Recycle Runway Blog

Museum Exhibitions Published: 01.11.2013 at 10:22 am by Nancy Judd

I am thrilled to announce that this month my collection of recycled fashions will begin a tour of museums around the United States!

ReDress: Upcycled Style is the name of the traveling exhibition that features eighteen of my pieces. Each site will host the show for approximately three months. I hope this exhibition will be touring for at least the next five years. Following are the first three organizations that have signed-up to host the ReDress exhibition:

I am very excited to work with each of these institutions and see how they choose to exhibit my garments and interpret the educational portion of my work.

My idea for this traveling exhibition began when I was introduced to Cynthia Graves by my friend Aurelia Gomez at the The Museum of International Folk Art in Santa Fe. Cynthia’s company, Guest Curator, is an independent traveling exhibitions service which means that she offers museum quality exhibits in art, history and popular culture to arts institutions. I showed her my work and asked if she thought that museums might be interested in what I do. Her response was very positive and she agreed to represent me. For the last two years we have worked closely to develop the ReDress: Upcycled Style traveling exhibition and are both thrilled with the enthusiastic response it has received from art institutions across the country.

Crate for the Jellyfish Dress

Museums require that the artworks they receive are professionally crated to assure that the work arrives in good condition. Crating my garments has been no small undertaking, just ask David Astilli. We first met when his company, Astilli Fine Art Services, was hired by the Smithsonian to crate my piece, “The Obamanos Coat”, which the Smithsonian accepted into their permanent collection in 2011. For my traveling exhibition, David and his wonderful crew custom built twealve crates that hold the eighteen garments.

Each piece is being sent on a mannequin so that when the museums receive the show, the garments are ready for installation. This is a thrill for me because it takes a VERY long to time to set them up. I spent at least two months putting the garments on their mannequins and getting them just right… I am so relieved that this was the last time.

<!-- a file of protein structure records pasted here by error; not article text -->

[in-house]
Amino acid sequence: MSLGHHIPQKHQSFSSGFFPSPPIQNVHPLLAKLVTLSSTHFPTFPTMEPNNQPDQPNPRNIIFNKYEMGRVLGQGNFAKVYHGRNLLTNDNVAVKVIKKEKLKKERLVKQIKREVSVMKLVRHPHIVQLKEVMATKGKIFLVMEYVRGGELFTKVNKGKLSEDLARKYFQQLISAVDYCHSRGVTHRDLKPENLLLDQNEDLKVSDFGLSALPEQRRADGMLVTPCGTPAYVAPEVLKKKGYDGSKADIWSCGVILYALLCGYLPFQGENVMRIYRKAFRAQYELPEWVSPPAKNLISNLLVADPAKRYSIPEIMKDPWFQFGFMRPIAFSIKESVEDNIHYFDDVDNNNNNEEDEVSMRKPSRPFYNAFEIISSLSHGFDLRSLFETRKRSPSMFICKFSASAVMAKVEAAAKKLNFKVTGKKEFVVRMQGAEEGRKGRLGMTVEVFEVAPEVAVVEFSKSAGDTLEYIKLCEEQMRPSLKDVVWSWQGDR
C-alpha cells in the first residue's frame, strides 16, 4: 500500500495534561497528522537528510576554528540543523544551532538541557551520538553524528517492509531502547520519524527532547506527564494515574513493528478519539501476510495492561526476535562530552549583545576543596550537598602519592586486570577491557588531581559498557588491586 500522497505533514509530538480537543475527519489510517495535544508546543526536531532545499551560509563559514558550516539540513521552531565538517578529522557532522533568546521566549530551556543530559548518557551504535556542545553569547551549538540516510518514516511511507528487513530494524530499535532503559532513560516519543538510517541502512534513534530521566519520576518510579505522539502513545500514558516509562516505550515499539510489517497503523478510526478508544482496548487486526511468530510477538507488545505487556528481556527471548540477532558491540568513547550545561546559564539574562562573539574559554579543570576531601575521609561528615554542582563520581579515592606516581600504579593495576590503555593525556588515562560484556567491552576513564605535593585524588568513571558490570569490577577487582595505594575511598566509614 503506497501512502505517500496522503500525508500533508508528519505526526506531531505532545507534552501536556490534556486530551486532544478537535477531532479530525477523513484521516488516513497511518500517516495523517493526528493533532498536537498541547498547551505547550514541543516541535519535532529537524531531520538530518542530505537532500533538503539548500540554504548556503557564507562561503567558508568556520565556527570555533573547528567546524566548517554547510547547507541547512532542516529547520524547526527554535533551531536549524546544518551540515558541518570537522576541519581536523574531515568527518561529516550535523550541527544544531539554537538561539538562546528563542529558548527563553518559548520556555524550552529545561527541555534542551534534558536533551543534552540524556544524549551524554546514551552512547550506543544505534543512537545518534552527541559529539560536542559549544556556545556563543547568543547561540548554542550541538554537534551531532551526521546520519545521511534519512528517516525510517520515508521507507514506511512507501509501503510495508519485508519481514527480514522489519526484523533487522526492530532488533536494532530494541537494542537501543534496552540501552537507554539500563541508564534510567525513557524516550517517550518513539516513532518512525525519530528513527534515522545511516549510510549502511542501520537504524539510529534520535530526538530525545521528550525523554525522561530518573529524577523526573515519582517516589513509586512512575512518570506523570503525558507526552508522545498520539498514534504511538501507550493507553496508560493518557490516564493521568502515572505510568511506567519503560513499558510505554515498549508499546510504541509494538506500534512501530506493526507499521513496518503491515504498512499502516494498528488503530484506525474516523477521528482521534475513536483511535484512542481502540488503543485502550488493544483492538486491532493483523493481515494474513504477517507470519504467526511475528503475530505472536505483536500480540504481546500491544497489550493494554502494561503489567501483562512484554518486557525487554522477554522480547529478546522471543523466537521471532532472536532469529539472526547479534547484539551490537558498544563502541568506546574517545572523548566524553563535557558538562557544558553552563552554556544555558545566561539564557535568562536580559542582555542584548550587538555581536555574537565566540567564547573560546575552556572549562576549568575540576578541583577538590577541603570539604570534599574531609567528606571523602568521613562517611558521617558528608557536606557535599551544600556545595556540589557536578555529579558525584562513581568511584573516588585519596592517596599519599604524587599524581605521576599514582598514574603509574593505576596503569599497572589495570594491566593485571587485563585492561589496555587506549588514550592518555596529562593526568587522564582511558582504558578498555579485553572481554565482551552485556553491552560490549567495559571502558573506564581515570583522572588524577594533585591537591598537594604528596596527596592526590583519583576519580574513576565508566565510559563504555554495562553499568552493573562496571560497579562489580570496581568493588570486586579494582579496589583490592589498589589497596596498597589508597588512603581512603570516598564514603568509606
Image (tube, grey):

Several of my pieces needed to be restored after they were damaged by light in the Atlanta Airport exhibition last year. I was fortunate to find a very talented conservator of textiles, Ilona Pachler,  who redyed and painted three of the garments. The Youth Eco-Dress was one of the pieces that had faded significantly. We found a huge soup caldron tucked away at the Greer Garson Theater in Santa Fe that could hold the many yards of fabric. The new color is a much brighter green than the original. This initially made me nervous, but after I reattached the paper chains I decided that the new color actually enhances the piece quite a bit.

I was very excited the day the shipping company finally picked-up the garments to deliver them to the first exhibit in Florida. Six people, and three dollies loaded the twealve crates in the truck, they took up about half the big-rig! The first box, pictured below holding the Youth Eco Dress, is the largest– it’s almost 6 feet square.

Loading the crates for shipment

We also created an installation guide that gives museum staff exact directions on how to install each piece, including how to attach hats to the mannequins and place purses on special stands. Dan Radven, an Exhibition Preparator and Artifact Mount Maker for the New Mexico Museum and Monuments system, custom-made all the stands, mounts and mannequin bases for me.

It was a true team effort to prepare the ReDress exhibition for this tour and I’m so thankful to all the talented people who helped make it happen!

The museums also require that the exhibition be accompanied by a condition report binder which notates the condition of each garment and accessory. Our condition report binder was over 500 pages! The registrar at each institution fills out incoming and outgoing reports for each garment and accessory noting anything that might have happened to the work while in their care. This museum tour is kind of like going to Club Med for my garments; they have never been so pampered.

I also am creating additional materials for the museums to use that include: information for docents; recommended films related to waste reduction; for the museum shops, a list of artists who use recycled materials in their art; and eventually an educational guide for students of all ages.

The museums have invited me to give workshops and presentations in conjunction with the exhibitions. I’m very excited to visit each site, meet the staff and talk with people about my work and the critical environmental issues it raises.

I know that the preparations associated with this exhibition such as shipping, printing and my travel will create their share of  green house gas (CO2) emissions. I will off-set the carbon footprint of this project by donating to renewable energy projects through

I feel so honored and lucky to have this experience and can’t wait to see where the ReDress tour takes us!
If you know of any museums that might be interested in my exhibition, please let me know. Below is a link to information for museum curators: ReDress: UpCycled Style.

Preparing the garments in my temporary workspace at Astillis



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